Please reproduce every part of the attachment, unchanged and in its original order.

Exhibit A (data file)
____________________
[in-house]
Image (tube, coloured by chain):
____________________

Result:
[in-house]
Image (tube, coloured by chain):